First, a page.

Jordan & Turkey
14 Days, 13 Nights Spring 2015
Cities: Istanbul, Cappadocia, Ephesus, Pamukkale, Amman, Petra, Dead Sea, Wadi-Rum.
Please Note: There is an option to visit Turkey only.
Haghia Sophia & Lunch
The Hippodrome and Topkapi Palace.
Overnight at hotel.
The Blue Mosque, recognizable from its six minarets, built between 1609 and 1616 for Sultan Ahmed I
and decorated inside with 21,043 tiles from Iznik in a dominant blue color; The Blue Mosque was built by
Sedefkar Mehmet Ağa, who was one of Sinan’s apprentices. The Hippodrome (At Meydani) was the center of the
City’s public life for centuries. Its construction was started by Roman Emperor Septimius Severus in 203. It was
enlarged and richly embellished by Constantine the Great and after him, many emperors rivaled to adorn it.
Haghia Sophia, which marked the apogée of Byzantine Emperor, Justinian’s reign. Topkapi Palace, the residence
of the Ottoman sultans between the end of the 15th and the first half of the 19th centuries with its Imperial
Drive on the bridge and enjoy the beautiful view when crossing the bridge from Europe to Asia. It is 1704m long and was the 4th longest in the world when completed unique chance to step from one continent (Europe) to another (Asia) in 2 minutes.
The Bosphorus strait connects the Sea of Marmara to the Black Sea and separates Europe and Asia, making Istanbul one of the most beautiful cities in the world and the only one built astride two continents; this
romantic cruise along the Bosphorus will allow you to admire the Dolmabahce Palace, the Beylerbeyi Palace, the Ciragan Palace and the Rumeli Fortress, ancient wooden villas and bridges and all the wonderful and unique maritime landscapes.
Dolmabahce Palace is one of the unique eclectic example mixes of Baroque and Turkish style. It was built in 1856 by the Balyan Family. The construction cost five million Ottoman Mecidiye gold coins, the equivalent of 35 tons of gold. Fourteen tons of gold in the form of gold leaf were used to gild the ceilings of the 45,000 square meter monoblock palace, which stands on an area of 110,000 m². (Harem section is not included in the program due to extra entry and long queues but if you want at the end of the tour you can tell to your guide you wish to stay here and you can visit Harem by yourself).
Our first real encounter with Cappadocia almost Martian landscape is in the Dervent valley. We visit Pasabag’s “fairy chimneys”, where the voice of the wind harmonizes with songs of the fairies. From here we pause at Avanos centre of terracotta art which is a popular destination because of its attractive old town with cobbled streets, and views over the river and is its production of earthenware pottery, it is also the most economic activity in the town. The ceramic trade in this district and its countless pottery factories date right back to the Hittites, and the ceramic clay from the red silt of the Kızılırmak has always been used. A visit to ceramic & tile center to see how the ceramics made by hand. After lunch we visit the famous Goreme Open Air Museum to see the best examples of Byzantine art in Cappadocia. People of Goreme, at the heart of the Cappadocia Region, realized that these soft rocks could be easily carved out to form houses, churches, monasteries. These Christian sanctuaries contain many examples of Byzantine art from the post-iconoclastic period. These frescoes are a unique artistic achievement from this period. We complete the tour with a visit to the Uchisar Rock-Castle which has the numerous hollowed-out containers, rock tombs, and a large water cistern all welcome you as silent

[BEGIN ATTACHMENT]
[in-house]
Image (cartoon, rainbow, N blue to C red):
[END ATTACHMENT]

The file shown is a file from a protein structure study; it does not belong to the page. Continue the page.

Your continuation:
Comfortable walking shoes are required as we will be walking on uneven grounds with cobblestones surface. Hats and sun screen are advised.
Visit Red valley; explore the famous rock- cut churches and hike 5km through the Gulludere valley. Then visit Cavusin village. Old Cavusin was abandoned several decades ago due to avalanches. The current village of Cavusin is located on the road. Old Cavusin, with its rock-cut dwellings and stone houses, had several hermitages. The two most important churches in Cavusin are the Great Basilica dedicated to St. John the Baptist (located on the cliff above the village) and Cavusin church or the “Great Pigeon House” commemorating a visit of the famous Cappadocian Emperor Nicephorus Phocas. Kaymakli underground City, where early